Contamination and repeatability are also factors that have to be considered with carbon dating.
A tiny amount of carbon contamination will greatly skew test results, so sample preparation is critical.
Carbon dating is reliable within certain parameters but certainly not infallible.
When testing an object using radiocarbon dating, several factors have to be considered: First, carbon dating only works on matter that was once alive, and it only determines the approximate date of death for that sample.
When an organism dies, it stops taking in new carbon-14, and whatever is inside gradually decays into other elements.
The explanation given for these outliers is usually “contamination.” Inconsistent results are another reason why multiple samples, multiples tests, and various parallel methods are used to date objects.
If the spear head is dated using animal bones nearby, the accuracy of the results is entirely dependent on the assumed link between the spear head and the animal.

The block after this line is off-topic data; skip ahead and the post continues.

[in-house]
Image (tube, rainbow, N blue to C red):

This is perhaps the greatest point of potential error, as assumptions about dating can lead to circular reasoning, or choosing confirming results, rather than accepting a “wrong” date.
Tiny variations within a particular sample become significant enough to skew results to the point of absurdity.
Carbon dating therefore relies on enrichment and enhancement techniques to make smaller quantities easier to detect, but such enhancement can also skew the test results. As a result, carbon dating is only plausible for objects less than about 40,000 years old.
Due to all these factors, it’s common for carbon dating results of a particular sample, or even a group of samples, to be rejected for the sole reason that they don’t align with the “expected” results.